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Style of the Week: Extra Pale Ale!

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June 4, 2015 by fhsteinbart


Typical Extra Pale Ale served in a standard American Pint glass.

Typical Extra Pale Ale served in a standard American Pint glass.

A lot of people ask me what is up with the relatively new emerging style called Extra Pale Ale (EPA). Basically it’s a drier, hoppier, and lighter bodied version of an American Pale Ale (APA). Usually it’s around 20% less gravity at the terminal end, yet starts out the same in original gravity. Even though it has the same amount of hops as a regular APA, it frequently tastes hoppier due to the drier finish. So the alcohol is usually higher as a consequence of this dryness in character of the finish of this beer. A lot of people feel that Belgian Pale Ales were the driving force behind this development, while others insist that its the divergence of a classic style to a lighter bodied product. While the other direction went with increases in body and mouthfeel, and we ended up with the American Amber Ale. Either point of view makes sense, but I think it’s more about competition in the marketplace by professional brewer’s to come out with something different, and unique, as it relates to people’s thirst for new(er) and more interesting beers. Below is a recipe of mine that makes for a nicely dry EPA which is eminently drinkable, and has a nice lingering finish with a crisp, dry, malt and hop combination.

Extract:

6 lbs. Extra Light DME

¼ lb. Crystal 15 malt

¼ lb. Victory Malt

¼ lb. Honey Malt

¼ lb. Torrified Wheat

1½ oz. Willamette Hops (bitterness)

1½ oz. Goldings hops (flavor)

1½ oz.  Amarillo hops (aroma)

Wyeast 1056, WLP001, or US-05 Ale yeast

Procedure:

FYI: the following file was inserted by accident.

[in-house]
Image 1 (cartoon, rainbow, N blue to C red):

• Heat ¾ gallons of water to 165°F.
  • Add steeping grains to kettle and steep for 30 minutes.
  • Remove grains, and rinse with 165°F water
  • Turn off heat and add malt extract, stirring until fully dissolved.
  • Return to Heat, bring back to boil.
  • After 10 minutes, add the bittering hop addition.
  • At 20 minutes remaining, add the Whirlfloc tablet or Irish Moss.
  • At 15 minutes remaining, add the flavor hops.
  • At knockout, add the aroma hops, then cool the mixture by placing kettle in an ice bath or use a wort chiller. Add the mixture to the fermenter, removing the hops, and bring total volume to 5 gallons using distilled, bottled, or filtered tap water.
  • Aerate unfermented wort (shaking works well).
  • Pitch yeast and ferment at 64°~65°F for 7 to 10 days.
  • Allow to age an additional two to three weeks before packaging up as usual.

All Grain:

10 lbs. Pale Ale Malt

¼ lb. Crystal 15 Malt

¼ lb. Victory Malt

¼ lb. Honey Malt

¼ lb. Torrified Wheat

1½ oz. Willamette hops (bitterness)

1½ oz. Goldings Hops (flavor)

1½ oz.  Amarillo hops (aroma)

Wyeast 1056, WLP001, or US-05 Ale yeast

¾ gm. Brewing (Burton) Salts per gallon (~3.75 gms. or 1 level tsp.) in the mash and in the boil.

Procedure:

Infusion mash at 149°F for 1 hour. Sparge to 6.5 gallons of wort, and bring to a roiling boil. Add the bittering hops 10 minutes into the boil. Continue boiling for 40 more min. then add Whirlfloc tablet or Irish moss.  At 45 min. then add flavor hops. At knockout, add the aroma hops, then cool the mixture by placing kettle in an ice bath or using a wort chiller. Add mixture to fermenter, removing hops, and aerate unfermented wort (shaking works well). Pitch yeast and ferment at 64°F to 65°F. Gravity may vary depending on system efficiency, so adjust accordingly.

Package up as usual; bottled versions should use 100 gms. corn sugar (approx. ¾ cup), or kegged to 20 psig, and allow two weeks to come into condition. Serve at 50°~55°F in an American Pint glass, share, and enjoy! This beer will continue to evolve and change over the coming months, so make enough to last you through your next brew.

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2 thoughts on “Style of the Week: Extra Pale Ale!

  1. Mark Shelton says:

    Thanks for the great recipes!
    The directions indicate 3/4ths of a gallon of water to start. Is that correct? Shouldn’t it be more?

    Like

    • fhsteinbart says:

      No, it actually is ¾ of a gallon. Any more and the pH would rise beyond 6.0, and the possibility of tannin and silicate extraction increases exponentially. After that you can add more water to the steeped grain water, then add your extract to the balance to get up to 6¼ gallons for the boil. If you need anything else, please let us know!

      Like

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